Cattle feeders will benefit from lower feed costs in the coming year but will still face an uphill battle on profitability into the first quarter of 2016, according to Purdue University agricultural economist Michael Langemeier.
In his recent study “Feeding Cost of Gain and Net Returns for Cattle Finishing,” Langemeier says that while lower corn prices have been a huge benefit to cattle feeders, the steep drop in fed cattle prices will make it difficult to climb back into profitability in the months ahead.
“The feeding cost of gain has come down quite a bit from what it was six months ago and particularly a year-and-a-half ago, but it just hasn’t been enough,” he says. “[Profitability] was going to be red to begin with before we had the large drop in prices in the last six weeks, but this just made it unbelievably negative.”
Losses have been the norm so far in 2015, Langemeier says. Average losses in the first two quarters of 2015 were $160/head and $190/head, respectively, while losses were trimmed to $85/head and $120/head in July and August. Even before the recent steep drop in fed cattle prices in September, Langemeier had forecast losses to continue through September and October of this year.
Unless fed cattle prices rebound substantially, cattle feeders will see more red ink through the remainder of 2015 with losses figured to be $300/head or higher, he predicts.
The good news is that lower feed prices will likely soften into 2016, with feeding cost of gain expected to fall to $75 to $80 per hundredweight, thanks mostly to lower corn prices. Feeding cost of grain since January ranged from a high of $89.29 in February to a low of $82.96 in August.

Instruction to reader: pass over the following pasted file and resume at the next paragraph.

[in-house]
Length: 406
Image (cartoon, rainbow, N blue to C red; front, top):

However, he warns that negative margins on fed cattle are expected to last well into the spring despite lower feed costs.
“I think there’s probably room for another two-and-a-half to five dollars per hundredweight to come off of feeding costs of gain as we move into the next few months,” Langemeier says. “But, when you’re looking at losses in excess of $300, that reduction of $2 in feeding cost of gain just doesn’t amount to much.”
Looking further into 2016, there’s a chance feedlots could return to breakeven levels if fed cattle prices continue to rebound. “If prices rebound into the mid-$140s, we’re going to be looking at a breakeven as we move into the spring,” Langemeier says. “It’s a combination of lower cost of gain and taking some pressure off the feeder prices that gets it closer to breakeven, but things don’t look so good throughout January and February.”
Langemeier based his projections off feeder cattle and fed cattle prices in Kansas with feeding cost of gain focused on feedlots. Feeding cost of gain is generally over 60% the production cost, making feed by far the most important cost for a feeder. Breakeven prices will remain relatively high through at least the first quarter of 2016, he predicts, noting that feeder cattle that will be fed through the remainder of 2015 were purchased before the recent drop in cattle prices.